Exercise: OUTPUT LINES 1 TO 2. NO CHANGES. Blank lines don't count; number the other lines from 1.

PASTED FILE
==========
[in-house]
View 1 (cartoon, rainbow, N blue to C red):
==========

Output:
[in-house]
View 1 (cartoon, rainbow, N blue to C red):